"Stewardship," a farmer friend once told me, "is leaving my place in a little better shape than I found it." Put another way, that means giving back more than one receives.

Not long ago, I heard about a rural Midwestern church that was having trouble meeting its obligations. In fact, the deficit was so serious that some members recommended closing the church's doors. The treasurer agreed, saying the situation was hopeless, and resigned.

Then a man named Thomas, the owner of the town's grain elevator and a longtime member, stepped forward. He would agree to handle the church's finances for one year, with one proviso: No accounting would be made until the end of the year. Though quarterly reports had been the custom, the church trusted Mr. Thomas, and he was given the job.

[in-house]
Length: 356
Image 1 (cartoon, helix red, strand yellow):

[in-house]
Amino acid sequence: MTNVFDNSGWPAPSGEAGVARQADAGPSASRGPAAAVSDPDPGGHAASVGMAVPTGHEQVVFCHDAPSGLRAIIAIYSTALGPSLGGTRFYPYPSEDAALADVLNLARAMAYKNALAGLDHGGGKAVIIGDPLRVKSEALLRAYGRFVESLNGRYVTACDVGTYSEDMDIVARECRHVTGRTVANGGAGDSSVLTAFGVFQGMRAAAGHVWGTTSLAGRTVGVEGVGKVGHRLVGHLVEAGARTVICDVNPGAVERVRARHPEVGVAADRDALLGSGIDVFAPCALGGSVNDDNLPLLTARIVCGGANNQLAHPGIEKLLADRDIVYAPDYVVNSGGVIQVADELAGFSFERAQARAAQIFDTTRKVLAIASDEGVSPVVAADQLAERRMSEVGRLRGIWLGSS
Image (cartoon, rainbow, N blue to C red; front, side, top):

The church focused on its ministry instead of on finances, and there was more harmony than old-timers ever remembered. At the end of the year, Mr. Thomas issued his financial report. All obligations had been met, including mission commitments at home and abroad, and the church bank account showed a balance of more than ten thousand dollars.

"How in the world did you do it?" the moderator asked.

Mr. Thomas at first seemed reluctant to reveal his secret, but then he spoke. "When you brought your wheat and corn to the elevator, I paid you what you were due, less ten percent, which I gave to the church in your name. I did it to show that you wouldn't miss your unknown tithe. But if you want your money back, I'm prepared to repay you right now." At first, there was some mumbling among the members, then laughter, then applause.

Mr. Thomas's object lesson had proven an old spiritual law that is timeless and immutable: Try as you may, you can never outgive the Lord.

Remind me, Lord, when my purse I hold tight,

That I've never come close to the widow's mite.

By Fred Bauer